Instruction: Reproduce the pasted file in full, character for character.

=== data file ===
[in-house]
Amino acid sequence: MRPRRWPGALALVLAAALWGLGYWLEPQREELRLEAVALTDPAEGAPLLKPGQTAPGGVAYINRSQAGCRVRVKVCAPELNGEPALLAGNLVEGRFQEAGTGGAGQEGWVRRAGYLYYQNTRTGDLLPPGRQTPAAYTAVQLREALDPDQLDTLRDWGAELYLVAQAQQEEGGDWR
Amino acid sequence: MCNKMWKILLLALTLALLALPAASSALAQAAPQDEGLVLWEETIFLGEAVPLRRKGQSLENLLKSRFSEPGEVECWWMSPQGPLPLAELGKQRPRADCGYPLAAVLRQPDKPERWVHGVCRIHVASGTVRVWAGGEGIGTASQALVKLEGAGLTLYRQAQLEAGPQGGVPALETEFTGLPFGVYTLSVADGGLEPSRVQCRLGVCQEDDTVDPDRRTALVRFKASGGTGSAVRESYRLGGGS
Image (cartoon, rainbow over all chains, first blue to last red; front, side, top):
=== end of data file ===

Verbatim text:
[in-house]
Amino acid sequence: MRPRRWPGALALVLAAALWGLGYWLEPQREELRLEAVALTDPAEGAPLLKPGQTAPGGVAYINRSQAGCRVRVKVCAPELNGEPALLAGNLVEGRFQEAGTGGAGQEGWVRRAGYLYYQNTRTGDLLPPGRQTPAAYTAVQLREALDPDQLDTLRDWGAELYLVAQAQQEEGGDWR
Amino acid sequence: MCNKMWKILLLALTLALLALPAASSALAQAAPQDEGLVLWEETIFLGEAVPLRRKGQSLENLLKSRFSEPGEVECWWMSPQGPLPLAELGKQRPRADCGYPLAAVLRQPDKPERWVHGVCRIHVASGTVRVWAGGEGIGTASQALVKLEGAGLTLYRQAQLEAGPQGGVPALETEFTGLPFGVYTLSVADGGLEPSRVQCRLGVCQEDDTVDPDRRTALVRFKASGGTGSAVRESYRLGGGS
Image (cartoon, rainbow over all chains, first blue to last red; front, side, top):